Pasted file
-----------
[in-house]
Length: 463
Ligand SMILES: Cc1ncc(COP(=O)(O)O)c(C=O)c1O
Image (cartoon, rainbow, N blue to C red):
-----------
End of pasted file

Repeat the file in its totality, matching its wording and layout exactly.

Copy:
[in-house]
Length: 463
Ligand SMILES: Cc1ncc(COP(=O)(O)O)c(C=O)c1O
Image (cartoon, rainbow, N blue to C red):